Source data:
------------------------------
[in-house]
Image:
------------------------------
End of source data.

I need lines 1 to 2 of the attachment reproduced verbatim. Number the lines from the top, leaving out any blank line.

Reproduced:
[in-house]
Image: